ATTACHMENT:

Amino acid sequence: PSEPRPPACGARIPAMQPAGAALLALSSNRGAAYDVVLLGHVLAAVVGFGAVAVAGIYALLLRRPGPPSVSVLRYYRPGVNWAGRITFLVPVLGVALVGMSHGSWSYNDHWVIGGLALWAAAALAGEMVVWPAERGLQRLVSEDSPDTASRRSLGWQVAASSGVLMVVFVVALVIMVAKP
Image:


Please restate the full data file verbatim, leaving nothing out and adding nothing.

Amino acid sequence: PSEPRPPACGARIPAMQPAGAALLALSSNRGAAYDVVLLGHVLAAVVGFGAVAVAGIYALLLRRPGPPSVSVLRYYRPGVNWAGRITFLVPVLGVALVGMSHGSWSYNDHWVIGGLALWAAAALAGEMVVWPAERGLQRLVSEDSPDTASRRSLGWQVAASSGVLMVVFVVALVIMVAKP
Image: